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Using Solar-Powered AI Sensors to Detect Wildfires Earlier


Look at this: Electronic nose “smells” forest fires for ultra-early detection

If a tree catches fire in the forest and no one notices, how can first responders prevent the situation from spiraling out of control?

That’s where Dryad Networks’ AI-powered wildfire detection system comes in. It uses solar-powered sensors to detect gas changes in the air. When the sensors are distributed throughout the forest, the system can detect fires more quickly, even during the initial smoldering phase.


Dryad Networks’ solar-powered gas sensors are placed in trees, about three meters above the ground. They can monitor an area the size of a football field.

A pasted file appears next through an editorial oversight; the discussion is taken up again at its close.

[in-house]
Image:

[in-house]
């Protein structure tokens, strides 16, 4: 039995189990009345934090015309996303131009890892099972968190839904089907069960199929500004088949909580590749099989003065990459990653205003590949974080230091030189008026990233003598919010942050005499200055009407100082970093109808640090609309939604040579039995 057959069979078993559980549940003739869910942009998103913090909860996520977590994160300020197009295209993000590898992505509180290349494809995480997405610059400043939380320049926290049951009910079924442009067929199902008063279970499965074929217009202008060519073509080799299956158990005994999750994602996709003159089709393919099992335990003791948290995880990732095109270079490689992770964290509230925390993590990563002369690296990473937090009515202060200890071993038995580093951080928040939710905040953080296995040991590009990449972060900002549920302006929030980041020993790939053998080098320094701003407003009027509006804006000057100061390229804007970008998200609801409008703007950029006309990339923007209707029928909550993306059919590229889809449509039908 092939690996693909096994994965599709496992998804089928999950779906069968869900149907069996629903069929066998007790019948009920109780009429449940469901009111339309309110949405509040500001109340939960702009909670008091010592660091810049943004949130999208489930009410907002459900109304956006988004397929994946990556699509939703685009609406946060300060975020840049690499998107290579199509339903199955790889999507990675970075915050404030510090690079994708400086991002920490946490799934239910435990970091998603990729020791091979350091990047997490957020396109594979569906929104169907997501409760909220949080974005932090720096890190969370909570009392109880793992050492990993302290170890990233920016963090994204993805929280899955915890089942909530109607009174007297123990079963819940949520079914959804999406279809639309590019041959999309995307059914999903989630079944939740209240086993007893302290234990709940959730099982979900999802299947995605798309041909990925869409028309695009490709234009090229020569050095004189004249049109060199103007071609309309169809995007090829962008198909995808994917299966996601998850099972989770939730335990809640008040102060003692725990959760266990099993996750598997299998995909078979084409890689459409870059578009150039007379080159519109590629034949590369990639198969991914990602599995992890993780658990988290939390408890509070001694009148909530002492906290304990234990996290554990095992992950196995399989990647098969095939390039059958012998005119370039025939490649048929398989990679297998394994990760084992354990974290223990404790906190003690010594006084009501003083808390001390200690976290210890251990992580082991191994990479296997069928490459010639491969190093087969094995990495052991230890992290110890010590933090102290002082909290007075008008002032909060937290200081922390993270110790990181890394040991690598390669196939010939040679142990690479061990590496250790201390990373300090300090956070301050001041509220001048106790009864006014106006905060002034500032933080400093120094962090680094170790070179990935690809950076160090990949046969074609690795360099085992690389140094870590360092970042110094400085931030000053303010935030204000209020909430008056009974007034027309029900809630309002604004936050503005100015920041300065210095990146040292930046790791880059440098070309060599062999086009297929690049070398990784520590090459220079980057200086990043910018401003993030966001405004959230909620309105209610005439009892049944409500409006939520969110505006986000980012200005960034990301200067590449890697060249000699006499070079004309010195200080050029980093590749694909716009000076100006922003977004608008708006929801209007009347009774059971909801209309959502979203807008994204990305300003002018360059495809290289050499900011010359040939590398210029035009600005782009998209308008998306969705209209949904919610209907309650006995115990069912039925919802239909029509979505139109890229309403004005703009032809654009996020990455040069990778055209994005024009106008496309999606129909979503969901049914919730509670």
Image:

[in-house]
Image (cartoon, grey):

Networks of Dryads

Once the system detects a fire, the company uses its own communications network to send a signal to firefighters telling them the location of the threat.

Dryad leverages machine learning to help reduce the risk of false positives, using an AI system trained on data acquired through the controlled burning of various forest materials.

ai training

Burning forest materials to train Dryad Networks AI wildfire detection system.

Networks of Dryads

Each sensor can monitor an area the size of a football field. To be effective, the company must therefore manufacture and deploy a large number of them.

The sensors are designed to be waterproof and store their energy in capacitors, rather than lithium-ion batteries which themselves pose a risk of catching fire.

The sensors have already been deployed in parts of Europe and North America, and Dryad is currently focused on scaling up its operations.

To see this solar-powered fire detection array in action, watch the video in this article.


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